Breast Cancer: Withholding Deadly Proteins Slow Blood Vessel Tumor Growth
Could removing a protein help slow blood vessel growth in tumors?
Researchers at the University of Leeds and the Institute of Cancer Research, London have now discovered a protein that actually triggers the growth of blood vessels in breast cancer tumors; this may result in metastization of the cancer to deadly areas, like the brain.
Yet researchers found that when they withheld this protein--known as DOCK4-- in mouse models, the tumors grew in much slower rates. More specifically, researchers found that a complex of two related proteins, including DOCK4 and DOCK9, were critical in the formation of the lumen--otherwise known as the interior space of a vessel through which the blood flows.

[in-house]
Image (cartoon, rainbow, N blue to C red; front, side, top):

When breast cancer spreads to other parts of the body, it typically forces new blood vessels to form to supply it with nutrients and oxygen that help it flourish, resulting in tumors that are often difficult or even impossible to treat. However, by impeding the speed at which the lumen form, tumors are not fed as effectively by blood vessels that might foster their growth.
The findings are particularly important in how the growth of secondary breast tumors in the brain might one day soon be prevented. Furthermore, researchers are hopeful that this discovery could help experts predict which patients might be at risk of their breast cancer spreading to other parts of the body, including the brain, and to the development of better medications that could help prevent secondary tumors.
More information regarding the findings can be seen via the journal Nature Communications.
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